It is that time of year. Your congested sinuses, scratchy throat, itchy, watery eyes, runny nose, and nasal congestion, are draining enjoyment from your life. You may be one of the 50 million people in the United States who experience allergic rhinitis, or colloquially known as “seasonal allergies” or “hay fever.”
While there are no recent breakthroughs in curing allergies, you can take steps to minimize your allergies this season.
These are the five best ways to fight your seasonal allergies:
1. Identify Your Allergy Culprit
Seasonal allergies can strike at any season for different reasons. Finding the right allergy culprit can help you with the proper treatment.
Spring allergies mainly result from tree pollen. The common culprits are oak, western red cedar, sycamore, maple, elm, birch, ash, cypress, walnut, hickory, and poplar.
Summer allergies result from pollen of grasses and weeds like ragweed.
Fall allergies are mainly due to ragweed pollen, but they can also arise from pollen of certain shrubs.
Other year-long allergy culprits can include pet dander, dust, and mold.
2. Plan Ahead of Time
Once you properly identify your allergy culprits, you can plan for the season. Remember to keep track of your allergen each year and start your allergy medicine one to two weeks before the season for it to take effect.
Pollen count tends to be higher in early mornings and late evenings, so try to avoid outdoor exercise during those times. Pollen count also varies depending on weather with dry, windy days producing high pollen levels and rainy days producing low pollen levels. However, it is still best to read the daily pollen count using a daily tracker. Information on how to prepare for your daily outdoor and indoor activities along with your medication is discussed in later sections.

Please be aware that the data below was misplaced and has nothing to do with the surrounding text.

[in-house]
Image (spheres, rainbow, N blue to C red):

Certain foods may exacerbate symptoms depending on your allergen. According to the AAAAI (American Academy of Allergy, Asthma, and Immunology) those with birch tree allergies should avoid pitted fruits, kiwi, carrot, celery, parsley, certain legumes, and certain nuts. Those with ragweed allergies should avoid bananas, cucumbers, melons, zucchini, and white potatoes.
3. Prepare for the Outdoors
The obvious answer would be not to go outdoors to avoid the allergens, but that is impractical. So, what can be done?
Take your allergy medicine. Close all your windows in your home and car. Wear sunglasses or eyeglasses to reduce exposure of allergens to your eyes. Use protective gear like specialized filter masks when gardening, mowing the lawn, or performing any other outdoor activities. The goal is to limit your bodily exposure to the irritants outdoors as much as possible.
When returning home, keep your shoes near the door. Shower and wash your hair. Wash your pet. Change your clothes. The last thing you want is for allergens from outside to transfer to your pillow, bed, or sofa.
4. Clean Your Home
Your home becomes your fort when fighting seasonal allergies. It should be clean so that allergens cannot attack you during your downtime.
Make sure the surfaces you regularly touch are clean. Change your clothes often. Change your sheets often. Wash your desk, keyboard, and other hard surfaces. Vacuum the places you frequent most in your home.
Make sure the air you breathe is also clean. Remove the presence of cigarette smoke and other smoke irritants. Make sure your air conditioner or air purifier uses HEPA filters and replace your old filters if they are not. Remember to also change your filters often.
5. Take Your Allergy Medication
With so many different allergy medicines, it is hard to choose which one is right for you.
There is the option of immunotherapy; that would require conducting allergy shots over the span of several years with your doctor’s consent.
There are also the less invasive options. Those would be your antihistamines, specifically those made with corticosteroids. These medications are normally the prescribed route for allergy sufferers without paying exorbitant rates.
Available OTC (Over-The-Counter), FlutiCare® is the most affordable nasal allergy spray containing the #1 prescribed, clinically proven ingredient for nasal allergy relief – Fluticasone Propionate. FlutiCare® is FDA-approved and it is the most recommended by physicians for allergy nasal relief for children and adults to relieve seasonal allergy symptoms caused by pollen, pet dander, dust, mold, and other indoor/outdoor allergens. Unlike other similar (and familiar) nasal allergy products, FlutiCare® can be purchased here with auto-shipping for your convenience and continuous relief.